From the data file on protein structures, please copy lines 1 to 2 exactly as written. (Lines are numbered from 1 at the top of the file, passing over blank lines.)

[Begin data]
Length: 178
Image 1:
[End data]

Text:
Length: 178
Image 1: